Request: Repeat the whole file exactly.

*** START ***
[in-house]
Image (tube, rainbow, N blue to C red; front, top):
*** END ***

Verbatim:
[in-house]
Image (tube, rainbow, N blue to C red; front, top):